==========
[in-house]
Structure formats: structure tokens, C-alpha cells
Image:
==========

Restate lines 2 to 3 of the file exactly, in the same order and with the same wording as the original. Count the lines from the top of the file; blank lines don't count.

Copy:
Structure formats: structure tokens, C-alpha cells
Image: